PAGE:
In my previous post, I found out what an “attitude” is and which attitudes are essential to have in a democracy. Attitudes are made up of the four components belief, emotion, evaluation and behaviour and it seems that it all starts with belief. I must admit I was a little surprised that democracy seems to have more in common with “faith” than with politics…The European Council (EC) names six attitudes that are essential for people to adopt in a democracy.
However, how do I actually “perform” these attitudes or what do they involve? Therefore, I have created tables in this post where I list those qualities that I need to have, according to the EC, and I copied the performance characteristics of these attitudes, so I don’t get lost. I might be mistaken, but it seems one needs a lot of “soft skills” and rather “fuzzy” qualities to perform democratic attitudes: Willingness to, Recognition of, Sensitivity towards, Curiosity about, Positive regard for, Belief in, Feeling of, Commitment to, Acceptance of, sense of accountability to etc.
In a sense, democracy seems to be an “attitude towards life” in itself. Watching the U.S. I can’t help but wonder this: either, democracy is an imagined ideal human condition that doesn’t come naturally to the human species (i.e. civic education is a MUST), or something on the planet has gone astray that more and more people are no longer willing or able to perform these attitudes.
|Openness to otherness||Respect||Self-efficacy||Tolerance of ambiguity|
|Sensitivity towards cultural diversity and to world views, beliefs, values and practices which differ from one’s own.||Positive regard and esteem for someone or something based on the judgment that they have intrinsic importance, worth or value.||Belief in one’s ability to understand issues, to make judgments and to select appropriate methods for accomplishing tasks.||Recognition and acknowledgement that there can be multiple perspectives on and interpretations of any given situation or issue.|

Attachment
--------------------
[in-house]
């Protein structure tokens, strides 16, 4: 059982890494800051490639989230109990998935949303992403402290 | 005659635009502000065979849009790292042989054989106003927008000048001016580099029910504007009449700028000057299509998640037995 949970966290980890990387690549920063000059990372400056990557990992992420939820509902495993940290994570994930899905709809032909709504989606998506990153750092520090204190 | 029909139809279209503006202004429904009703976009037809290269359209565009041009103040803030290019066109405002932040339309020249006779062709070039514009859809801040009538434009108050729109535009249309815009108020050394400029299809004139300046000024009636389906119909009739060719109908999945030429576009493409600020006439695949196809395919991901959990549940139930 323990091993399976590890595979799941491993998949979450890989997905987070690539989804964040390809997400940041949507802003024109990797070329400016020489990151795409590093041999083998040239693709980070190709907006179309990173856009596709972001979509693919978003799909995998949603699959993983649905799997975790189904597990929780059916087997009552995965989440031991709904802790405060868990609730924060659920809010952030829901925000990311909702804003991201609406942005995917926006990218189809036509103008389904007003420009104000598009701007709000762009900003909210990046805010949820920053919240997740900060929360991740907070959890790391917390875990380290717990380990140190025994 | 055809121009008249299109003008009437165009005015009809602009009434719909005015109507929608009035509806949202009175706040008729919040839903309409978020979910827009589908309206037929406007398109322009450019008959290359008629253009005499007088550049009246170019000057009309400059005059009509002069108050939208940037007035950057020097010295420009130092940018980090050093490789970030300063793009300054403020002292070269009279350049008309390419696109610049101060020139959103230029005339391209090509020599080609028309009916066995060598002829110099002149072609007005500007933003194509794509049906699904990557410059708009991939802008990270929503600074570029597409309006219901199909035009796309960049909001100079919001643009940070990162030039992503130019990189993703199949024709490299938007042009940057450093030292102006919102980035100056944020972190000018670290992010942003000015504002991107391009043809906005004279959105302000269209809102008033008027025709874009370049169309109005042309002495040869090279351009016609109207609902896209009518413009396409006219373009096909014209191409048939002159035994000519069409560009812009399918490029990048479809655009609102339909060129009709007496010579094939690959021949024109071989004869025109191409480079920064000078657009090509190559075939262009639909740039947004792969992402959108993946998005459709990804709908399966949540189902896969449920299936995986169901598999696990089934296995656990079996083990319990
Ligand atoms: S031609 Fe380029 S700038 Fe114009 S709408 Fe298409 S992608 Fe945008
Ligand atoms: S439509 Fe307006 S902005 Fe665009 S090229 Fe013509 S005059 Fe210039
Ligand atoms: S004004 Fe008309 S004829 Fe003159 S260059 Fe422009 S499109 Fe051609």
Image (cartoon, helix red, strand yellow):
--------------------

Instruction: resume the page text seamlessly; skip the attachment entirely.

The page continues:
|Curiosity about, and interest in discovering and learning about, other cultural orientations and affiliations and other world views, beliefs, values and practices.||Positive regard and esteem for other people as equal human irrespective of their particular cultural affiliations, beliefs, opinions, lifestyles or practices. Acknowledging that they share a common dignity and have exactly the same set of human rights and freedoms as myself.||Belief in one’s ability to organise and execute the courses of action required to attain particular goals, and to navigate the obstacles that might arise.||Recognition and acknowledgement that one’s own perspective on a situation may be no better than other people’s perspectives.|
|Willingness to suspend judgment and disbelief of other people’s world views, beliefs, values and practices, and willingness to question the “naturalness” of one’s own world view, beliefs, values and practices.||Positive regard and esteem for the beliefs, opinions, lifestyles and practices adopted by other people, as long as these do not undermine or violate the dignity, human rights or freedoms of others.||A feeling of confidence about tackling new challenges.||Acceptance of complexity, contradictions and lack of clarity.|